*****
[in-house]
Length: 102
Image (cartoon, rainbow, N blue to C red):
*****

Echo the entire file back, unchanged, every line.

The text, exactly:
[in-house]
Length: 102
Image (cartoon, rainbow, N blue to C red):